Amid its saber rattling over the Strait of Hormuz, Iran has opened a new front in its confrontation with the West: A renewed crackdown on Barbie dolls and the stores that sell them. Police have been closing dozens of shops for selling the dolls, the semiofficial Mehr news agency reported on Friday, according to the Associated Press, and they've confiscated the contraband toys. As The Atlantic Wire's John Hudson tweeted, it's "finally something second-wave feminists and Iranian mullahs can agree on." But only for a hot second: The dolls have been banned in Iran since the mid-1990s because they supposedly promote Western values (feminism among them), and in 2002 Iran introduced alternative dolls, twins named Dara and Sara, "who were designed to promote traditional values with modest clothing and pro-family stories," the AP notes. That's not exactly what feminist Barbie opponents (Lisa Simpson famously among them) had in mind either.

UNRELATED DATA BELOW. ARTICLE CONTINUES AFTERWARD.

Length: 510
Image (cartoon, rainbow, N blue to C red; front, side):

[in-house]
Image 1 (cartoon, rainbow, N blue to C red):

This article is from the archive of our partner The Wire.